Driving Question: 

What's the variance in heights of your data of the beans?

Grade 8

In order to learn about standard deviation, students were given a variety of beans of different lengths. Sample data sets included the same type of beans of different lengths, as well as a mixture of beans of different lengths. Students measured the lengths of green beans and determined the mean, median and mode, and then discovered the standard deviation and variance. Students worked in teams to accomplish this task, but then showed what they knew independently. 

Student Reflection

"The most enjoyable part of this activity was being able to measure tangible items instead of having a pre-made data set, allowing us to understand the full process of calculating the standard deviation.The most important thing I learned was to go over all of the collected data with my team afterward to prevent mistakes in the calculations. The most difficult part of the Bean Activity would be making sure that everyone had the same data and came to a consensus with each calculation before moving on." - Elle

"My favorite part of the activity was learning hands-on by doing an actual experiment to learn how standard deviation works. I liked learning this way because I had more fun doing the work, therefore I remembered it better. The most important thing I learned was that 67% of the data falls within the first standard deviation. I found that the calculating of the standard deviation was the most challenging part for me because I had never learned it before in my life and therefore was very confused throughout most of the activity." - Ella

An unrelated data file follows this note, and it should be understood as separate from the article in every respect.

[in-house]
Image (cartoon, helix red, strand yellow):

Student Products
  • Participate in a table team activity of measuring and determining the standard deviation of varying lengths of beans
  • Complete assessment independently to show their understanding
Teacher Reflection

"It was very visual to see how standard deviation works. Without us telling them about what standard deviation is, the students were able to develop their own understanding. The moved the concrete to pictorial to the abstract, an essential part of mathematical thinking." - Hank Classen and Misti McDaniel


Hank Claassen

Misti McDaniel